and Kevin Pennington – “Howl” and “Kaddish”, in my second year of community college, in 1999. The whole class only read “Howl”. The instructor told me to read “Kaddish” and gave me some background. He said he didn’t assign it because he said I’d be the only read it. Read it I did. A month later I owned Selected Poems. Ginzy blew me away.
Steve Silberman, Our Allen’s moderator, writes, ” I wish I could remember, believe me. It was probably “A Supermarket in California” in some anthology, probably George J. Ryan 216 Middle School in Queens, circa 1970 or so. I’d probably seen Allen from afar at that point because my parents were anti-war activists and used to take me to marches. I would LOVE to know what I was thinking when I read it..”
Elsewhere, (and from “across the pond” in England), “Opher”, on his website, writes:
“Allen Ginsberg single-handedly rescued poetry for me. I had it destroyed for me in Primary School. The teacher’s view of poetry was to get us (nine and ten year olds) to learn a poem by rote each week. We had the delights of Tennyson and Wordsworth to memorise. We would have to stand in turn and recite a verse on request. She would point to you and you would have to comply. If you did not know it, then you had to miss PE (Physical Exercise), which we all loved, to stay in and learn it. I spent a number of afternoons peering longingly at the rest of the class outside. It instilled hatred. There was no attempt to look at meaning or appreciation. Poetry was merely a task, a pain, a punishment. In Secondary School all I can remember is the class reciting ‘The Jumblies’. Great though it was, it did not fill me with joy. It was only when I read “Howl” that I really felt I had found something that related to me personally. I felt like that outsider stumbling through the starry night looking for some kindred spirits and a real connection to the universe. I was only fifteen and I felt like an outsider in this conforming society. I wanted reality. I craved reality. I wanted honesty, connection and passion. I hadn’t found it anywhere else. Ginsberg led me to Kerouac and I was away. The Beat Generation rekindled a love of poetry. They were honest!”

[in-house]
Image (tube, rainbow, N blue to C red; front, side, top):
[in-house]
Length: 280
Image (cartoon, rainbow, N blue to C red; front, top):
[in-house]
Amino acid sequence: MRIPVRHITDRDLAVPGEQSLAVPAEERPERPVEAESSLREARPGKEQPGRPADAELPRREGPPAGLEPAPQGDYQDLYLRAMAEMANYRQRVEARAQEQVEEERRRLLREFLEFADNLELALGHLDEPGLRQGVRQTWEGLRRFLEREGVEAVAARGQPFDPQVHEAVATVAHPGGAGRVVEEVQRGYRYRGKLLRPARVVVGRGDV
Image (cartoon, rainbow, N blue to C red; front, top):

Honesty, that, in the early days, contemporary American society found hard-to-accept – We’re thinking back on the classic fiasco of the landmark Howl trial. The People Versus Ferlinghetti – The Fight To Publish Lawrence Ferlinghetti’s Howl, Ronald K L Collins and David M Skover‘s book, we’ve mentioned before. It’s reviewed here at Law.com, the on-line presence of the New York Law Journal.
and also the wonderful cover for the recently-published Ginsberg-Burroughs collaboration, Don’t Hide The Madness
It’s also the birthday of Mary Shelley, author of Frankenstein